New Zealand's COVID-19 managed isolation days for overseas arrivals halved to 7

0 Comment(s)Print E-mail Xinhua, October 28, 2021
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WELLINGTON, Oct. 28 (Xinhua) -- The New Zealand government is starting a phased easing of border restrictions that will see the time spent in a managed isolation and quarantine facility (MIQ) halved for fully vaccinated overseas arrivals from Nov. 14 and home isolation introduced in the first quarter of 2022 at the latest.

The time overseas arrivals spend in MIQ facilities will be halved from 14 days to seven days followed by home isolation until they return a negative day 9 test, COVID-19 Response Minister Chris Hipkins told a press conference on Thursday.

The vast majority of border cases have returned positive results within the first seven days, Hipkins said.

Over 183,000 New Zealanders have returned home through MIQ since border restrictions were put in place last year, stopping cases at the border for the last 18 months, Hipkins said.

"When MIQ was introduced, we didn't have the vaccine so every arrival posed a high level of risk. With most people returning now fully vaccinated the risk profile of international arrivals has changed so it is time to start changing our MIQ settings," he said.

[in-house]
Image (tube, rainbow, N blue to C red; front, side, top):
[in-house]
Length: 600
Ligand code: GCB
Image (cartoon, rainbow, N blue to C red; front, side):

Last week, New Zealand announced a pathway forward out of lockdowns with the new traffic light COVID-19 Protection Framework that will see an easing of restrictions once the country is 90 percent vaccinated. Thursday's easing of MIQ requirements is part of the country's broader plan to re-open New Zealand safely and reconnect with the world, he added.

From Nov. 14, arrivals will be tested on day 0/1, day 3, and day 6/7 testing, followed by a short period of self-isolation at home which is around three days, the minister said.

A rapid antigen test and health checks will be carried out on day 7 before a person leaves MIQ, and people will get a viral test on day 9 of their home isolation and stay at home until the result comes back, he said.

This evolution of MIQ will initially free up more than 1,500 rooms a month to support the current Auckland community outbreak and to be released for more overseas returnees.

Meanwhile, New Zealand is also expanding one-way quarantine free travel from Samoa, Tonga and Vanuatu to include travelers from those countries and Tokelau who have the right to reside permanently in New Zealand and people covered by border exceptions, from Nov. 8, Hipkins said.

Pacific travelers must be fully vaccinated, unless they are New Zealand citizens. Recognized Seasonal Employer workers are currently required to have at least one dose, and will be required to be fully vaccinated from Jan. 1, 2022. Enditem

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